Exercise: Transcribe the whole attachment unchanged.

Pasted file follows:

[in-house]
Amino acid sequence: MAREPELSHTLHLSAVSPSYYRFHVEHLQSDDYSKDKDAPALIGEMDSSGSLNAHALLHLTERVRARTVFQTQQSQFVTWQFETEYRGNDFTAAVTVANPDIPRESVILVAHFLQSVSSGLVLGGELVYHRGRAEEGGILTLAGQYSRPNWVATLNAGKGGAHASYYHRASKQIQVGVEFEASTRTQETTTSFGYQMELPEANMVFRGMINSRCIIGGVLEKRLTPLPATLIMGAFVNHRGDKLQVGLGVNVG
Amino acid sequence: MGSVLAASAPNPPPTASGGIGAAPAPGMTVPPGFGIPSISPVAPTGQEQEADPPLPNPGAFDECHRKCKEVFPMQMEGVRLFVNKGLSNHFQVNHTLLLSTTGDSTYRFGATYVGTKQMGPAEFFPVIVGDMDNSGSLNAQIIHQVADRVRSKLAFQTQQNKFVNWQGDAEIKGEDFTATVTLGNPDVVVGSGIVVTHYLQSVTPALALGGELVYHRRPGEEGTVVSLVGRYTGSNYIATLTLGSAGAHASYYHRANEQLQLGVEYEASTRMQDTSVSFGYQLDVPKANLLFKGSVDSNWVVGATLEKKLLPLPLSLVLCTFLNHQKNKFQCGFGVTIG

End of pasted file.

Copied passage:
[in-house]
Amino acid sequence: MAREPELSHTLHLSAVSPSYYRFHVEHLQSDDYSKDKDAPALIGEMDSSGSLNAHALLHLTERVRARTVFQTQQSQFVTWQFETEYRGNDFTAAVTVANPDIPRESVILVAHFLQSVSSGLVLGGELVYHRGRAEEGGILTLAGQYSRPNWVATLNAGKGGAHASYYHRASKQIQVGVEFEASTRTQETTTSFGYQMELPEANMVFRGMINSRCIIGGVLEKRLTPLPATLIMGAFVNHRGDKLQVGLGVNVG
Amino acid sequence: MGSVLAASAPNPPPTASGGIGAAPAPGMTVPPGFGIPSISPVAPTGQEQEADPPLPNPGAFDECHRKCKEVFPMQMEGVRLFVNKGLSNHFQVNHTLLLSTTGDSTYRFGATYVGTKQMGPAEFFPVIVGDMDNSGSLNAQIIHQVADRVRSKLAFQTQQNKFVNWQGDAEIKGEDFTATVTLGNPDVVVGSGIVVTHYLQSVTPALALGGELVYHRRPGEEGTVVSLVGRYTGSNYIATLTLGSAGAHASYYHRANEQLQLGVEYEASTRMQDTSVSFGYQLDVPKANLLFKGSVDSNWVVGATLEKKLLPLPLSLVLCTFLNHQKNKFQCGFGVTIG